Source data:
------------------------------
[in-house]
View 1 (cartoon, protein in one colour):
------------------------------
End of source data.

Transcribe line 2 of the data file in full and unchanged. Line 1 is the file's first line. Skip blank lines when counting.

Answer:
View 1 (cartoon, protein in one colour):